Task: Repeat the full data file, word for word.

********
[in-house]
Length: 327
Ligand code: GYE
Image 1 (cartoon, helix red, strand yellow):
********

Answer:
[in-house]
Length: 327
Ligand code: GYE
Image 1 (cartoon, helix red, strand yellow):